Monday, February 21, 2011

Writing from the Heart to Move the Heart

How does one move the heart in fiction? One way is to create memorable characters that we care about. Characters who face conflict, find a way to resolve the conflict, and grow through the experience.

I recently picked up Roger Rosenblatt's Unless It Moves the Human Heart: The Craft and Art of Writing. Rosenblatt speaks about digging deep into ourselves to reach the emotions and memories that can turn a good phrase into a memorable phrase. As a writer, I am always looking for, and not always finding, le mot juste. If we are not honest about our own emotions and we write from that lack of honesty, then I think we are cheating our readers.

I just finished several books by a long-time best seller. Why? Because he is a groundbreaker in using a specific theme that I want to exploit for Max 3. He remains anonymous, because in the last two books I read, I didn't give a damn about the protagonist. One's anger management problems were so atrocious that I wanted to kill him off myself. The other protagonist whined his way through 300+ pages.

I got to thinking about why I was disappointed. I've read this writer for years and have liked many of his works. In these last two, he abandoned much of why I read him in the first place.

1. Limited character development, not likeable and didn't grow. He plopped them on page one and didn't do much with them afterwards.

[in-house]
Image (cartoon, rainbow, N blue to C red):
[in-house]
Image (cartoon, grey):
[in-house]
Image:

2. Evil bad guys so shallow that you could drive a truck through their wickedness, yet the main characters never saw through them. And in one book, a main character is romatically involved with one of the evil people. He drops out of the story 100 pages before the end. She never knows he's behind the attacks on her ex-husband. Come on.
3. Red herrings left to rot on plates on the table.

I'm done reading this writer. I know what not to do. I know I can continue with the themes I've set out for Max 3. I know I need an antagonist who is flawed and with whom the reader can at least empathize. I need to maintain the likeability of Mad Max. If no one likes her, why bother?

Good lessons from Rosenblatt applied to my "light" reading. Thanks, Mr. Rosenblatt. You are making me a better reader and a better writer.

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